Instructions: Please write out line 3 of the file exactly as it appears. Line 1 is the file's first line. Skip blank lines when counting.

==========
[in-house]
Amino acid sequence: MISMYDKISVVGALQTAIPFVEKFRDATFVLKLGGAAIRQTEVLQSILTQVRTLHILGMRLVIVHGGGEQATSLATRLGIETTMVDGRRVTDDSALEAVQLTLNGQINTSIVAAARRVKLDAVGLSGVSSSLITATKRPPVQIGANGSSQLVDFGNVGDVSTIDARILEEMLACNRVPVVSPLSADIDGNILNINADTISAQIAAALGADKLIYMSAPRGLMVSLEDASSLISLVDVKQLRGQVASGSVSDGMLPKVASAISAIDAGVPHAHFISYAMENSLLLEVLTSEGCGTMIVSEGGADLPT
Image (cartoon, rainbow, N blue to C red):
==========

Image (cartoon, rainbow, N blue to C red):